The next part of a stop is reaching for the brakes and applying them. We have actually been involved in testing on these issues. If you cover your brakes, you are going to save about .5 to 1 second off time that it takes to move your hand up and get it positioned to start squeezing the lever. If you don’t cover your brakes, you can go ahead and add another 45-90 feet of distance to your stop from 60 mph. The initial lever application is something we specifically tested with an engineering firm. We got between .4 and .7 of a second to get measurable deceleration after application of the brake, meaning that’s the mechanical delay involved with pushing fluid through the master, down the line and into the caliper, for the pistons to extend and begin slowing the disc. Sport bike time was .4 and cruiser bike time was .7. Round that average to .5 seconds and there is another 45 feet.
Then the braking begins. A good rider, with good warm tires, on a well maintained bike on a good clean road can haul a bike from 60-0 in an average of 125′. Some bikes might be a little less, some slightly more. Even 110′ is nearly 12 lane widths you cross before stopping.
Start adding those numbers, and on a good day, with good conditions, where you anticipate and react quickly, and you are covering your brakes, it takes a football field to stop from 60 mph. That is more than double that intersection at Rainbow and Sahara. That’s the math. That distance can be dramatically longer if you do not “see it coming”, if you are not covering your brakes, you are not maintaining your equipment, you have old tires or a cold or dirty street, or other less than ideal conditions.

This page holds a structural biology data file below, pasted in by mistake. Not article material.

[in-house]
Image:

So that is the tie-in between motorcycle accident reconstruction and the T-S-D triangle, and the lessons we can take away to be better, more accident avoidant riders. Its not negligent to ride without covering your brakes, it won’t impact your personal injury case, and frankly, not too many lawyers would even know to ask that question. But if the goal is to not have a personal injury case, you can see the value in learning these skills. A friend once told me you can be right, or you can go home. He called it “dead right”. If a car pulls out in front of you and you avoid it, the driver is still an asshole, but you lived. He was wrong, and you were right, and if you hit him, you would have a great case, but at the end of the day, its more important to get home in one piece than it is to have a great case.
This is also another reason it pays to actually hire a lawyer that rides and who understands these issues, as opposed to a lawyer who uses a bike for a prop in an advertisement, or who pays a marketing company to promote themselves as “biker attorneys” that you have never seen even posing on a bike, let alone riding a bike. They are never going to understand these issues and how these issues can be used to win and lose cases. Jurors don’t understand these issues unless they are educated about them, and many motorcycle accident cases are lost because jurors bring their car experience to the deliberation room because the biker’s lawyer didn’t know there was any difference that needed to be explained to the jury.
There are two more parts to this series, coming up in the next week or so.